Australians know the world is watching their NBN; Clearwire possibly in play

> Perhaps they're just a trifle self-centered, but Australians believe the world is tuned into what's going to happen with their National Broadband Plan (NBN), a political football with ramifications for similar rollouts internationally. Story.

> At least one analyst, Steve Clement of Pacific Crest, thinks Sprint (NYSE: S) should "make a move for control" of Clearwire (Nasdaq: CLWR) as the WiMAX provider again seeks more cash to continue its 4G buildout. Story.

> Swiss cable operator Cablecom has an idea of how to attract more subscribers. It's offering a deal that lets customers try out any product for up to 60 days without a contract as long as they cancel before the end of the trial and return all equipment. Story.

> Comcast (Nasdaq: CMCSA) has told the FCC that it has no plans to change the way NBC interacts with Hulu and that all the same content now posted to the online video site will be available there once the MSO gets its hands on it. Story.

> China and giant should be as synonymous as giant and panda so it should come as no surprise that that the nation plans to merge its 1,000 radio and television networks into one huge entity. Story.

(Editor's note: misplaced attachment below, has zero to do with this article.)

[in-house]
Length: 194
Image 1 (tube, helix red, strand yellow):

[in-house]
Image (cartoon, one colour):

> Blair Levin, generally conceded to be the architect of the U.S. National Broadband Plan, said he isn't surprised that surveyed Americans showed some disinterest in such a plan. "Until we start providing services, it's understandable that the public doesn't understand why (broadband) is a public necessary (sic)," he said. Story.

And finally... In Minnesota they understand that broadband is a public necessary. The Star Tribune, in an editorial, took to task "pro-business" gubernatorial candidate Tom Emmer for failing to "check in with firms around the state before ridiculing next-generation high-speed Internet service." Story.